With the US Presidential election having dominated much of the media coverage, our thoughts, business conversations and even the late night comedy shows recently, it can serve us in the Cayman Islands as a window through which to look at our own upcoming election in May 2013.
In the US, some political pundits have distilled the very close race to two issues symbolised by two different men – an appreciation for the pervasive social issues represented by Obama and an aggressive focus on the economic recovery represented by Romney. Some say the dividing line will be which of these two issues are deemed more important and more urgent by more voters.
Which brings us to the Cayman context – what will be the deciding factors in our election? Just like the United States, we have our fair share of economic challenges and social problems. They are both important and both urgently in need of effective solutions. How do we decide who to elect?
We have just over six months to clarify in our minds and as a country, what are the most important things we want from the next government. We need to look ahead and picture the type of Caymanian society we want to be living in 2017 and beyond, then set out our expectations of what the next government and leadership should look like to help create this vision of Cayman. Unless we are honest with ourselves, set realistic expectations and are prepared to work to achieve these goals, we will continue to get substandard to mediocre representation we have had in successive governments and quite likely, slide into the realms of a third world country that was once great like many of our regional neighbours.
How do we the people, the voters, ensure we get from here at the end of 2012 to where we want to be in 2017?
Let us start by being accountable and honest about our people, the state of the country and our leaders. The myriad of issues and challenges we face as a country have been created or facilitated by Caymanians and our own people have held the positions, the power and the decision making ability by their role on various Government appointed boards, top Civil Service positions and in particular, those elected to the Legislative Assembly. All who have served in these various roles had position, power and decision making abilities that could have been used to prevent, or at least address these problems. Yet, these same leaders over the past 12-15 years frequently chose political expedience, popularity and the bartering of business favours over doing the right thing for Caymanians. Sometimes, the wrong thing was done simply to satisfy someone’s ego and good people within the system failed to stand up for the right thing.
The 2013 election is our best opportunity to take definitive action and put our country back on the right course. Today, we must challenge ourselves and our leaders with an old Caymanian saying “If you KNOW better, DO better”.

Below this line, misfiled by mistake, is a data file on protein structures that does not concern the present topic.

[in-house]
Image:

How do we as a country DO better?
First, set goals. Be clear on what we want. Keep this simple but pragmatic. Let’s consider three areas where we need to have clear goals and the aspiring politicians will need to demonstrate their plans to implement viable solutions.
Area No. 1 – The Caymanian Economy
We should want a stronger economy where Caymanians are able to participate and benefit from this economic miracle without being made to feel like beggars in their own country. Markers of an improved economy will include a healthy and sustainable government budget, reduced taxes and fees, near zero unemployment of Caymanians, strong economic sectors such as financial services, tourism, commerce and development, a high confidence level in the jurisdiction that acts to stabilise the economy both from within and from those outside looking in. We should want a country where new business opportunities are available to ‘indigenous’ Caymanians and not just the “new” Caymanians who leverage an expatriate network to help themselves and their own friends and family at the direct exclusion of existing Caymanian businesses or aspiring entrepreneurs.
Area No. 2 – Employment (Education & Training)
In order for us to have Caymanians participating in a healthy economy, regardless of the social status or current economic means, we need to have an education and training system that is designed to create competent, capable and ready to work Caymanians – whether they want to be a professional accountant or a professional janitor etc. We need equal focus on education as on training. The education needs to be more than the physical buildings and facilities. We need a country where the education and adult training programmes provide the tools, teaching, quality teachers and support systems to allow people to achieve their highest potential. Training programmes in particular need to be effective and accessible and work to make sure our people are employable and able to advance in their chosen area of work. These training programmes cannot leave a generation behind, they MUST be geared to help working adults who are struggling financially with families and yet want to access necessary skills improvement and training. These training programmes must be designed to produce successes and reinforced by supporting immigration, labour and employment policies across the entire Government.
Area No. 3 – A healthy, harmonious Caymanian society